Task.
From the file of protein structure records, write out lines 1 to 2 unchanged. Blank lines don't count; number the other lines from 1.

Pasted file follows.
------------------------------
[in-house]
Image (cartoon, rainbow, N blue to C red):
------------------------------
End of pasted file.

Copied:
[in-house]
Image (cartoon, rainbow, N blue to C red):